Coronation Scot US Tour presentation set 2/347 (Trix Twin Railways)

From The Brighton Toy and Model Index
Jump to navigationJump to search

Coronation Scot US Tour presentation set 2/347 (Trix Twin Railways)

BTMM map 043.gif
Arch Four , Area 43
00-gauge Miscellaneous (display)
Shelf 4

A rare, hinged-lid "presentation set" of the red-and-gold Coronation Scot 1939 "US Tour" train (complete with US headlight and bell), made by Trix Twin Railways (TTR) in 1939.

This model was intended to be Trix's "flagship" piece, riding on the back of all the publicity surrounding the "red train"'s US tour, and the new line was presented to the public just before the outbreak of war wrecked both the commercial future of the real train, and that of the model based on it.

Due to the high quality of the model and the lack of a proper production run, this is reckoned by collectors to be the most desirable item that Trix ever made.

Trix also made two other presentation sets, based on the LMS "Royal Scot" train (with a Princess Class loco), number 2/344, and on the LNER Flying Scotsman train, number 4/344.

Text from the 1939/40 catalogue:

LMS "Coronation Scot" loco and tender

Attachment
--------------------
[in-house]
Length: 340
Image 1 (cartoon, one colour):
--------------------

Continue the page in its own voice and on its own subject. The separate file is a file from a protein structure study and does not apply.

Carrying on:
No. 2 / 542
Length overall 10 5/8 ins
" With headlight and dummy bell. Hand-painted, lined and lettered in the correct lake and gold colours of the latest L.M.S. "Coronation Scot." "

Scale Model Express Trains in Presentation Cabinets,

comprising 4-6-2 Loco. and Tender, one First Class and two brake Third Class coaches. Coaches fitted for uncoupling with ramp rail, Super Controller, Plugs, Wire and Instruction Book, all packed in handsome presentation cabinets.

  • No. 2 / 347 – "Coronation Scot," a model of the famous L.M.S. streamlined train shown at New York World's Fair. Finished in standard L.M.S. lake colour with stripes in light buff.

Rails, etc. packed separately


An example of this set was on display from November 2012 to early 2013, as part of the museum's anniversary "Coronation Scot" display.

This example was finally acquired by the museum and put on permanent display in October 2020.

External links